Ottawa

Transit riders disappointed by fare raise detailed in 2022 budget

Ottawa transit riders say they don’t understand why fares will increase in January, considering the still out-of-service train service, reports of crowded buses and schedules riders have felt were less than reliable.

OC Transpo asking for an additional $20.9 million next year

A masked man waits for transit to arrive in early March 2021. OC Transpo is asking for an additional $20.9 million in the 2022 budget. (Andrew Lee/CBC)

Ottawa transit riders say they don't understand why fares will increase in January, considering the still out-of-service train service, reports of crowded buses and schedules riders have felt were less than reliable.

"I mean, how can you justify raising fares in January? I just don't see it," said Audrey Moey, a regular commuter. "It's going to drive people away from using transit and we'll never recover." 

The transit budget tabled on Wednesday calls for an average fare increase of 2.5 per cent. 

That means the cost of a single OC Transpo fare is set to rise to $3.70 and the monthly pass is set to increase by $3 to $125.50 as of Jan. 1. The prices for the EquiPass for low-income riders and the Community Pass, with eligibility through the Ontario Disability Support Program, will remain frozen. 

Kari Glynes Elliott, who represents the advocacy group Ottawa Transit Riders, considers the freeze for those riders a move in the right direction, saying low-income people have borne the brunt of the problems with Ottawa's transit system.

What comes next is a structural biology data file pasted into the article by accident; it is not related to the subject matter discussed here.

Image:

But that's just about where the good news stops for her.

"We're not happy about the increase in fares," she said Wednesday. "We have been fighting quite hard for the city to freeze the fares."

Kari Glynes Elliott, board member with advocacy group Ottawa Transit Riders, is pleased to see fares for certain commuters will be frozen. But she's unsure why other fares will be increased in January. (Nicole Williams/CBC)

"We feel that when you've declared a climate emergency, you need to be making transit much more attractive, much more reliable, much cheaper." 

Overall, OC Transpo is asking for an additional $20.9 million next year, with a net operating budget of $372.3 million.  The city is also expecting the province will chip in $60.6 million in COVID-19-related costs.

And while city council previously approved a plan to make fares free in December, for Glynes Elliott, the January increase indicates those making the decisions are out of touch with the mood of the public. 

The LRT has been out of service for more than six weeks as of Wednesday, after a train derailed on Sept. 19 before entering Tremblay station.

"That's salt in the wound, really. I mean, even if it's a very small increase," she said. 

The January increases mimic the exclusions and 2.5 per cent bump of last year's New Year's Day fare hike

The transit budget is also based on ridership at 82 per cent of the pre-pandemic level by the end of 2022, a figure everyday commuters like Moey consider "aspirational".

She believes more needs to be done to encourage ridership, even when more people return to working in offices. 

"Unless people can feel that transit is safe, reliable and frequent enough to make it convenient, they are not going to want to come back, especially at a higher price," she said. 

Public delegations on the transit budget will be made at the commission meeting scheduled for Nov. 17.

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